The two-out-of-three rule and local content stipulations were largely won through agitation by National MPs lead by Queenslander Paul Neville, but they did not go far enough for fellow Queenslander Barnaby Joyce.

Senator Joyce fought a rear-guard action to protect existing "media diversity" warning that relaxing the media laws would be handing power to even fewer players and that, within a decade or two, politicians would be completely beholden to one or two media barons.

The fact of the matter is that Australia already has a very "thin" media landscape with few major players, and little real competition among television and newspapers.

It has followed the worldwide trend of newspapers amalgamating or closing down and Brisbane, Adelaide, Perth, Canberra and Darwin are dominated by just one major newspaper. While there are three commercial television networks, their news and current affairs reporting are practically identical in format and content.

In regional Australia Rural Press has become the dominant player owning 160 newspapers.

Independent country radio stations have been swallowed up by major networks and their news services are increasingly being homogenised and broadcast from hundreds, even thousands of kilometres away.

The government says "new media" players will gradually come into the frame and the internet, which will become the dominant media form, is already blurring the lines between different forms of media.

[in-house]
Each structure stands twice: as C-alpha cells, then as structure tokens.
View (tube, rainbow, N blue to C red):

But for practical purposes the current "share" of ownership is likely to remain for quite a few years and the majority of people will continue to receive their news and opinion from the same source as they have been.

ACCC Chairman Graeme Samuel said as much to a Senate inquiry examining the proposed changes.

"The Internet is simply a distribution channel," he said.

"It has not shown any significant signs at this point in time of providing greater diversity of credible information and news and commentary."

Australia does not have a depth and breadth of media like the United States where there are many middle level players, richly-endowed think-tanks, and wide-ranging and contrasting opinion makers.Creating new players is easier said than done and neither the government or the Labor Opposition, which has been critical of the changes, is talking about breaking up the ownership existing players.

And as for "opinion and range of views" trumpeted by critics of the new legislation, in Australia this is largely governed by the journalists, editors, producers and broadcasters, rather than the so-called media barons.

Given that these "content providers" come from similar ideological mindsets and from the same broad educational backgrounds they are likely to continue to produce the same narrow range of views regardless of who owns their media outlets.